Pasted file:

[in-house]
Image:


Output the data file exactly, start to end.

[in-house]
Image: